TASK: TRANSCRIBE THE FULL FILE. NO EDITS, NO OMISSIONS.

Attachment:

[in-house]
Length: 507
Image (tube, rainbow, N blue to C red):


[in-house]
Length: 507
Image (tube, rainbow, N blue to C red):